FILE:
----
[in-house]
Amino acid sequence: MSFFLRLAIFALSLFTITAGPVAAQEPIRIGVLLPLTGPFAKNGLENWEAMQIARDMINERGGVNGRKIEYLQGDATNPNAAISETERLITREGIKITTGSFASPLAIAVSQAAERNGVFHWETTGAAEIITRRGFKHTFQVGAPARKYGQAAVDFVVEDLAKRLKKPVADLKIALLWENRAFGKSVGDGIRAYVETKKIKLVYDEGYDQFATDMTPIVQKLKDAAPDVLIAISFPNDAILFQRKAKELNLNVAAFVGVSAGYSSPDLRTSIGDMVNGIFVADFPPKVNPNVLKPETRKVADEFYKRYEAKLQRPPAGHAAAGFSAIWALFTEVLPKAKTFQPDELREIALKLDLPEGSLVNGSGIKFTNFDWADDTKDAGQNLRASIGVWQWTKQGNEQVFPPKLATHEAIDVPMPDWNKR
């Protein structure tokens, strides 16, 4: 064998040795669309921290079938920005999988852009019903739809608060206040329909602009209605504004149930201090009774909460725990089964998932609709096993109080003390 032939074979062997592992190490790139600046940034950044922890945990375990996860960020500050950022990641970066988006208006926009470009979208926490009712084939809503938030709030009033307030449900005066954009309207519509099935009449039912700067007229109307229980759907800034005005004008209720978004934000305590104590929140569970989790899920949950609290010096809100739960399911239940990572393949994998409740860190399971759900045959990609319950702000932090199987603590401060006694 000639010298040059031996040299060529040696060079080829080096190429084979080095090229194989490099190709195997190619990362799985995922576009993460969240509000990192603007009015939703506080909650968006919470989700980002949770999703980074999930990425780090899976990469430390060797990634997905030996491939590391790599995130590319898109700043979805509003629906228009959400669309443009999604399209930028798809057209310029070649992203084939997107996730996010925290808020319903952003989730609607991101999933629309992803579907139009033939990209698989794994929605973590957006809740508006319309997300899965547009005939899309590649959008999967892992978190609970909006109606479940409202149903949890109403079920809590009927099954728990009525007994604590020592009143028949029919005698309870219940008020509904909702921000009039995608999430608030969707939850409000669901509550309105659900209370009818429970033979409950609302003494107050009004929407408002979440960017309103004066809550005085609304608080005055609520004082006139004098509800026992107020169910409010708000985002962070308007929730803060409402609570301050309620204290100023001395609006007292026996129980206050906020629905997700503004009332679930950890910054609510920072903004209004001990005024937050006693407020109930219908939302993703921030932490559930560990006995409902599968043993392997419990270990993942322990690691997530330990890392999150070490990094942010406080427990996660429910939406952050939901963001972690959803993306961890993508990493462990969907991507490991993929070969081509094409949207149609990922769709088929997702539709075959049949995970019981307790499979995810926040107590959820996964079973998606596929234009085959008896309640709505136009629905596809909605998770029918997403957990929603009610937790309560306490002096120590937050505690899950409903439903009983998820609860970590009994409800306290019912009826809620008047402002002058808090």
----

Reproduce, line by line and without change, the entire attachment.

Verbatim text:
[in-house]
Amino acid sequence: MSFFLRLAIFALSLFTITAGPVAAQEPIRIGVLLPLTGPFAKNGLENWEAMQIARDMINERGGVNGRKIEYLQGDATNPNAAISETERLITREGIKITTGSFASPLAIAVSQAAERNGVFHWETTGAAEIITRRGFKHTFQVGAPARKYGQAAVDFVVEDLAKRLKKPVADLKIALLWENRAFGKSVGDGIRAYVETKKIKLVYDEGYDQFATDMTPIVQKLKDAAPDVLIAISFPNDAILFQRKAKELNLNVAAFVGVSAGYSSPDLRTSIGDMVNGIFVADFPPKVNPNVLKPETRKVADEFYKRYEAKLQRPPAGHAAAGFSAIWALFTEVLPKAKTFQPDELREIALKLDLPEGSLVNGSGIKFTNFDWADDTKDAGQNLRASIGVWQWTKQGNEQVFPPKLATHEAIDVPMPDWNKR
């Protein structure tokens, strides 16, 4: 064998040795669309921290079938920005999988852009019903739809608060206040329909602009209605504004149930201090009774909460725990089964998932609709096993109080003390 032939074979062997592992190490790139600046940034950044922890945990375990996860960020500050950022990641970066988006208006926009470009979208926490009712084939809503938030709030009033307030449900005066954009309207519509099935009449039912700067007229109307229980759907800034005005004008209720978004934000305590104590929140569970989790899920949950609290010096809100739960399911239940990572393949994998409740860190399971759900045959990609319950702000932090199987603590401060006694 000639010298040059031996040299060529040696060079080829080096190429084979080095090229194989490099190709195997190619990362799985995922576009993460969240509000990192603007009015939703506080909650968006919470989700980002949770999703980074999930990425780090899976990469430390060797990634997905030996491939590391790599995130590319898109700043979805509003629906228009959400669309443009999604399209930028798809057209310029070649992203084939997107996730996010925290808020319903952003989730609607991101999933629309992803579907139009033939990209698989794994929605973590957006809740508006319309997300899965547009005939899309590649959008999967892992978190609970909006109606479940409202149903949890109403079920809590009927099954728990009525007994604590020592009143028949029919005698309870219940008020509904909702921000009039995608999430608030969707939850409000669901509550309105659900209370009818429970033979409950609302003494107050009004929407408002979440960017309103004066809550005085609304608080005055609520004082006139004098509800026992107020169910409010708000985002962070308007929730803060409402609570301050309620204290100023001395609006007292026996129980206050906020629905997700503004009332679930950890910054609510920072903004209004001990005024937050006693407020109930219908939302993703921030932490559930560990006995409902599968043993392997419990270990993942322990690691997530330990890392999150070490990094942010406080427990996660429910939406952050939901963001972690959803993306961890993508990493462990969907991507490991993929070969081509094409949207149609990922769709088929997702539709075959049949995970019981307790499979995810926040107590959820996964079973998606596929234009085959008896309640709505136009629905596809909605998770029918997403957990929603009610937790309560306490002096120590937050505690899950409903439903009983998820609860970590009994409800306290019912009826809620008047402002002058808090």